EVZIO is a pre-filled, single-use, hand-held auto-injector that works by temporarily blocking the effect of an opioid, potentially reversing the life-threatening respiratory depression and allowing the recipient to breathe more regularly. Each EVZIO device uses voice and visual cues to assist in guiding the user through the process and delivers a single 0.4 mg dose of naloxone. EVZIO is not a substitute for emergency medical care.
“The rising number of overdose deaths from opioid-based prescription drugs and heroin is one of the top concerns for our community,” Michael Kilkenny, MD Physician Director for Cabell-Huntington Health Department. “This new product delivers a potentially life-saving dose of naloxone via a simple to use auto-injector system that is easy to carry and administer to someone experiencing an opioid overdose.”
Cabell-Huntington Health Department in partnership with Marshall University School of Pharmacy will still offer Naloxone certification and educational sessions every Wednesday, at 10:30 AM and 12:30 PM with the addition of Monday evenings at 6:00 pm beginning Monday, July 18th at the Cabell-Huntington Health Department, located at 703 7th Avenue in Downtown Huntington. These classes are FREE and open to the public.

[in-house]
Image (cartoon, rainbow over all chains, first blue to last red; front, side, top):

EVZIO is a pre-filled, single-use, hand-held auto-injector that works by temporarily blocking the effect of an opioid, potentially reversing the life-threatening respiratory depression and to help keep a patient breathing. EVZIO is an opioid antagonist indicated for the emergency treatment of known or suspected opioid overdose, as manifested by respiratory and/or central nervous system depression. EVZIO is intended for immediate administration as emergency therapy in settings where opioids may be present. EVZIO is not a substitute for emergency medical care. Each EVZIO delivers a single 0.4 mg dose of naloxone HCl injection. Since the duration of action of most opioids may exceed that of naloxone, seek immediate emergency medical assistance, keep the patient under continued surveillance, and administer repeated doses of EVZIO as necessary. For more information on EVZIO, visit www.EVZIO.com.
Important Safety Information